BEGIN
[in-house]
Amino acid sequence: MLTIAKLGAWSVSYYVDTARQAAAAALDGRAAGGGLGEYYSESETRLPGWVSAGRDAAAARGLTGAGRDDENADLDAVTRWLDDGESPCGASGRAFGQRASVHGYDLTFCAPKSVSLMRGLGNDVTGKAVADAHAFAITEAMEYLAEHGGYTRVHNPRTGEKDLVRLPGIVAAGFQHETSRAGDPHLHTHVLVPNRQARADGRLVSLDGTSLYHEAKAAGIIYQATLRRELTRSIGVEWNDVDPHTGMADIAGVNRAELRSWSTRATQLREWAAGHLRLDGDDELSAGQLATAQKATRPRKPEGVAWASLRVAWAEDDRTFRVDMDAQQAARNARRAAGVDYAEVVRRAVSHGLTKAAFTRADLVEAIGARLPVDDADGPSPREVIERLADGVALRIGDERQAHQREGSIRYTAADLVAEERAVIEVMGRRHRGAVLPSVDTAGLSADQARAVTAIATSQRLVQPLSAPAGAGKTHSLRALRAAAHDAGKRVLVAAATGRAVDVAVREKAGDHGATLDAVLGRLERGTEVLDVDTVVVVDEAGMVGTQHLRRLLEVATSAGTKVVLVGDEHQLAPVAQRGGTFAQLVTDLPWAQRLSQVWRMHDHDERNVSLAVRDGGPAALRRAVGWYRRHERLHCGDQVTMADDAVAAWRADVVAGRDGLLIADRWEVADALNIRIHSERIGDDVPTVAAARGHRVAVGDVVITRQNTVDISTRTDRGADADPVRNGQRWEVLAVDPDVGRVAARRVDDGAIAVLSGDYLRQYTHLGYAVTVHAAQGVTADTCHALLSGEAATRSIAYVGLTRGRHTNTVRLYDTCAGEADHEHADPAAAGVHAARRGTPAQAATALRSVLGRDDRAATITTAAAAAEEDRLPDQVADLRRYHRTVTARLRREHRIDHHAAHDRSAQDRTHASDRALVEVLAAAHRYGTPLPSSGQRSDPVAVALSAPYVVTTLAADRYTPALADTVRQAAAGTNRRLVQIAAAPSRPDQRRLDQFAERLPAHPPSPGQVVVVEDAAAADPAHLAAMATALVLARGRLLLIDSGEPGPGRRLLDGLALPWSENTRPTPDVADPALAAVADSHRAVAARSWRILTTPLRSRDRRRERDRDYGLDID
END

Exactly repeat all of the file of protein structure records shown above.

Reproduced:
[in-house]
Amino acid sequence: MLTIAKLGAWSVSYYVDTARQAAAAALDGRAAGGGLGEYYSESETRLPGWVSAGRDAAAARGLTGAGRDDENADLDAVTRWLDDGESPCGASGRAFGQRASVHGYDLTFCAPKSVSLMRGLGNDVTGKAVADAHAFAITEAMEYLAEHGGYTRVHNPRTGEKDLVRLPGIVAAGFQHETSRAGDPHLHTHVLVPNRQARADGRLVSLDGTSLYHEAKAAGIIYQATLRRELTRSIGVEWNDVDPHTGMADIAGVNRAELRSWSTRATQLREWAAGHLRLDGDDELSAGQLATAQKATRPRKPEGVAWASLRVAWAEDDRTFRVDMDAQQAARNARRAAGVDYAEVVRRAVSHGLTKAAFTRADLVEAIGARLPVDDADGPSPREVIERLADGVALRIGDERQAHQREGSIRYTAADLVAEERAVIEVMGRRHRGAVLPSVDTAGLSADQARAVTAIATSQRLVQPLSAPAGAGKTHSLRALRAAAHDAGKRVLVAAATGRAVDVAVREKAGDHGATLDAVLGRLERGTEVLDVDTVVVVDEAGMVGTQHLRRLLEVATSAGTKVVLVGDEHQLAPVAQRGGTFAQLVTDLPWAQRLSQVWRMHDHDERNVSLAVRDGGPAALRRAVGWYRRHERLHCGDQVTMADDAVAAWRADVVAGRDGLLIADRWEVADALNIRIHSERIGDDVPTVAAARGHRVAVGDVVITRQNTVDISTRTDRGADADPVRNGQRWEVLAVDPDVGRVAARRVDDGAIAVLSGDYLRQYTHLGYAVTVHAAQGVTADTCHALLSGEAATRSIAYVGLTRGRHTNTVRLYDTCAGEADHEHADPAAAGVHAARRGTPAQAATALRSVLGRDDRAATITTAAAAAEEDRLPDQVADLRRYHRTVTARLRREHRIDHHAAHDRSAQDRTHASDRALVEVLAAAHRYGTPLPSSGQRSDPVAVALSAPYVVTTLAADRYTPALADTVRQAAAGTNRRLVQIAAAPSRPDQRRLDQFAERLPAHPPSPGQVVVVEDAAAADPAHLAAMATALVLARGRLLLIDSGEPGPGRRLLDGLALPWSENTRPTPDVADPALAAVADSHRAVAARSWRILTTPLRSRDRRRERDRDYGLDID